It’s been quite a while since my last column in this series, and a lot has happened in the geospatial world and the world of computing in general. I hope to give my thoughts on some of these trends over the next few months as I catch up to the world around me after finally finishing my PhD. One of the trends that I have been following with a lot of interest is definitely the move toward new ways of interacting with our computers.
To kick things off, I wanted to talk a little bit about what’s been going on with the growing presence of touch interfaces. While the keyboard and mouse still reign supreme in desktop computing, the success of the iPad and other tablets, as well as smartphones, has definitely broadened the reach of touch as a user interface. And that is filtering its way back into the desktop computing space, with the rise in popularity of all-in-one computers with touch-enabled monitors. In fact, I am writing this post on one of those new touch all-in-ones, the Lenovo A720.
I am finding my own computing behavior changing as well. For my day-to-day work and web surfing, I rely on my Windows slate tablet (ASUS Eee Slate EP121), which is touch-enabled as well. Most of the devices I interact with on a daily basis are touch interfaces and I’ve become so used to it that I often find myself touching a laptop or desktop monitor now, and wondering why nothing is happening.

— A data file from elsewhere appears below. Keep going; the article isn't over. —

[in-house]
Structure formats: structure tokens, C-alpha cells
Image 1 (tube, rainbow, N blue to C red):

So why is touch such a big deal? Because more and more of the devices that we either use now or are going to use in the near future (think smartphones and tablets) rely on a touch interface, and that means that software applications, even expert software like GIS or 3D virtual landscapes, will need to be touch-compatible if they are going to make the transition to new hardware platforms. Even more importantly, software users who haven’t worked with touch are probably going to have to come to grips with this new interface style. Some people take to touch quite quickly and intuitively, while others are going to struggle a bit.
On the developer side, writing applications with touch capabilities presents challenges, such as precision with finger movements and touch pressure and creating meaningful gestures for complex commands. When you’re talking about a complex series of tasks like working with map layers in a GIS, for instance, it can get a bit tricky. Still, we’ve already got the example of ArcGIS for iOS which is available on the small iPhone screen and the larger iPad and works quite well with a number of touch gestures. However, it’s quite a leap from the streamlined lightweight mobile apps to a full-fledged desktop GIS software package, which might require a real rethinking of how users interact with the various modules, viewers and tools to get a satisfying touch interface working.
So, even if you’re not a user of a touch device now, you may find that changing in the near future. Computing platforms and interfaces are changing whether everyone likes it or not and, while I don’t think keyboards and mice are going away anytime soon, in the world of technology they’ve been around for ages and may find themselves going the way of the punch card.